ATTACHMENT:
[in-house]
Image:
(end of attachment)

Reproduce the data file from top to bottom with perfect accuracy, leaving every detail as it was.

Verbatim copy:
[in-house]
Image: